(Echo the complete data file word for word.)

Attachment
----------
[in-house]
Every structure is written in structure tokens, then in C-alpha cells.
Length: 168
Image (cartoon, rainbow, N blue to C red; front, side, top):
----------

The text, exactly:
[in-house]
Every structure is written in structure tokens, then in C-alpha cells.
Length: 168
Image (cartoon, rainbow, N blue to C red; front, side, top):